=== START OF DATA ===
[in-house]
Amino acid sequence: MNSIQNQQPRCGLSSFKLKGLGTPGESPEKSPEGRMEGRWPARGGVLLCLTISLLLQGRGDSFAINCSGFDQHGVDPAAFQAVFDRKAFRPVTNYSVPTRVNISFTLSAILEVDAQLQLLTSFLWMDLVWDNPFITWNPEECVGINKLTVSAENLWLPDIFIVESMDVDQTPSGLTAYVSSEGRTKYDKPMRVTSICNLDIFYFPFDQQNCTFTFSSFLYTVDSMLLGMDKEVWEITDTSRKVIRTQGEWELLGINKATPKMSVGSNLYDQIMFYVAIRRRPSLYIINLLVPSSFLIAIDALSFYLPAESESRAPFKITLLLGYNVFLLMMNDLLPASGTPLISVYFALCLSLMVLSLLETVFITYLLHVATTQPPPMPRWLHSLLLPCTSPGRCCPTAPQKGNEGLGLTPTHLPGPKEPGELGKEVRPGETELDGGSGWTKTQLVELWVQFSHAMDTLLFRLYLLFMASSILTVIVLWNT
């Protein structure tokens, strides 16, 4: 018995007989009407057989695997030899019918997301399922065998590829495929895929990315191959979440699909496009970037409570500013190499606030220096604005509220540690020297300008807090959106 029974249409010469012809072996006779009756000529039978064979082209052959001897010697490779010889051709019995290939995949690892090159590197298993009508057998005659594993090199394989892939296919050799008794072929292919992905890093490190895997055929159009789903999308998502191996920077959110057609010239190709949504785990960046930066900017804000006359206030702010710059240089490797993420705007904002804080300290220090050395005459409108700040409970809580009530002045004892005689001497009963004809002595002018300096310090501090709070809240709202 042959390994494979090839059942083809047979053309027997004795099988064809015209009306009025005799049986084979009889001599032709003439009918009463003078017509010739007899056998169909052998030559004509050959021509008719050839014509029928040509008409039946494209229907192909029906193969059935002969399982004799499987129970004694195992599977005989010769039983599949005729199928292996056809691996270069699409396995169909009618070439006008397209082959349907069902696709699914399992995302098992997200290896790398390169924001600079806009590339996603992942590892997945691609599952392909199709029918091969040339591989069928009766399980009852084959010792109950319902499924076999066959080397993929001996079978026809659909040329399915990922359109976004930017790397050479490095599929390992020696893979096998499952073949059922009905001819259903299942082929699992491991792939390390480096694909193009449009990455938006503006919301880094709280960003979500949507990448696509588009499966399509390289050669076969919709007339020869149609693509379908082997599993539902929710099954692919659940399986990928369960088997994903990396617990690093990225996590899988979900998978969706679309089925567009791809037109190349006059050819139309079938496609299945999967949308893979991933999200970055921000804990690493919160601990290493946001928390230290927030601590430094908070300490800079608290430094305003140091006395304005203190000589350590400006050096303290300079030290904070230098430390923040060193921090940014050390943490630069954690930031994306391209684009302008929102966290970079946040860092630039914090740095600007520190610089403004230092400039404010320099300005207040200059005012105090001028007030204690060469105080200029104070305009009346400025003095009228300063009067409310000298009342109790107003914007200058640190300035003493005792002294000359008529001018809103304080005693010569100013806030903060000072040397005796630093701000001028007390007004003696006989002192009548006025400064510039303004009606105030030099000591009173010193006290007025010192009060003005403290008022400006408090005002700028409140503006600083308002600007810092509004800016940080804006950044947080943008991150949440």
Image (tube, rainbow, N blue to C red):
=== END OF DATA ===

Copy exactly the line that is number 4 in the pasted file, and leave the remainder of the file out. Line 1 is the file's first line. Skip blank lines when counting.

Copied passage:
Image (tube, rainbow, N blue to C red):